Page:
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[Espectrofotometria] Análise de AAS por método FIA

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safety
reasons, these PTFE tubes were passed through the walls of the
microwave oven using the external oven air vents. The
hydrolysed sample passed through the PTFE coil B2 (100 cm,
0.8 mm id), immersed in a water bath. To avoid the presence of
bubbles in the detector, produced during the passage of the
sample in the coiled reactor inserted in the microwave oven, a
T-shaped glass debubbler (aspiration rate, 0.2 ml min21) was
incorporated between the water bath and the confluence point y.
Then, the sample zone is mixed with the R2 reagent [0.50%
(w/v) Fe(NO3)3 in 0.4 mol l21 nitric acid, flowing at 1.3
ml min21] in the reactor coil B3 (100 cm, 0.8 mm id). The
absorbance resulting from the FeIII–salicylate complex,
measured at 525 nm, is proportional to the ASA concentration
of the sample. To avoid damage in the magnetron a beaker
containing 500 ml of water was placed inside the microwave
cavity. The volume of water that evaporated during the
hydrolysis step was continuously replaced by pumping water in
at a flow rate of 4.8 ml min21 (C3 channel).
Results and discussion
ASA can be hydrolysed rapidly in an alkaline medium to its
constituent salicylic and acetic acids.1 In the conventional
analytical procedure,2 complete hydrolysis is attained after 10
min heating at reflux, followed by back-titration with standard-
ized acid solution.
After hydrolysis the SA content is proportional to the ASA
concentration present in the sample. SA can be quantitatively
determined by complexation with FeIII ions and the resulting
colour read at 525 nm. In this work, a domestic microwave oven
was exploited as the energy source to accelerate the hydrolysis
of ASA (about 20 s) in order to minimize the time of analysis
and increase the sensitivity of the detection.
Study of chemical parameters
Initially, the FI manifold was used to investigate the conditions
of ASA hydrolysis. In all preliminary experiments, the coil
lengths of B1, B2 and B3 were 300, 200 and 100 cm,
respectively. The L1 and L2 loop volumes were 250 ml and fixed
flow rates of 3.0 ml min21 were used for C1 and C2 and 3.9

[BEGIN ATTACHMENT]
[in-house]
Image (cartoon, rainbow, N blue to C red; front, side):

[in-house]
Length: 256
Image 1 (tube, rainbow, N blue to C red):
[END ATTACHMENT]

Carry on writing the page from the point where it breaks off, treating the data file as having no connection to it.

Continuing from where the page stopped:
ml min21 for R2 reagent. The maximum power (600 W) of the
microwave oven was used.
The acidity of the R2 reagent is important because the nitric
acid concentration should be sufficient to neutralize the sample
zone and to give an acid pH in which the reaction between FeIII
ions and SA occurs. Increment of NaOH (R1 reagent)
concentration requires an increase in the R2 reagent acid
concentration. 
The effect of the alkalinity on the baseline stability was
studied replacing the sample (L1) by water. Within the
concentration range 0.05–0.25 mol l21 NaOH studied no
baseline drift was observed maintaining a concentration ratio of
2 : 1 (HNO3, R2 : NaOH, R1). A ratio lower than 2 : 1 could not
be used because it caused baseline noise, due to incomplete
neutralization of the injected alkaline zone.
The effect of NaOH concentration (R1 reagent) on the ASA
hydrolysis was evaluated over the concentration range from
0.05 to 0.25 mol l21. In this experiment, the nitric acid
concentration of R2 reagent [1% (w/v) Fe(NO3)3] was twice that
of NaOH (R1). ASA standards in the concentration range from
50 to 400 mg ml21 were used. Fig. 2 shows that the absorbance
intensity increased with an increase in NaOH concentration up
to 0.20 mol l21, above which it increased only slightly. In this
Fig. 1 Schematic diagram of the FI system for spectrophotometric determination of ASA. The three rectangular pieces represent a scheme of the sliding
bar injector. S, sample or standard solutions; L1, sample loop (50 cm, 250 ml); L2, R1 reagent (0.2 mol l21 NaOH) loop (50 cm, 250 ml); C1, C2 water carriers
streams, flowing at 3.4 ml min21; C3, water auxiliary channel pumped at 4.8 ml min21; B1, B2 and B3, reactor coils (200, 100 and 100 cm, respectively);